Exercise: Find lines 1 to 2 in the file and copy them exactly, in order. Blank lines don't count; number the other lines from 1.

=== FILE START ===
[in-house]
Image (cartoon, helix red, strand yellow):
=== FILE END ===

[in-house]
Image (cartoon, helix red, strand yellow):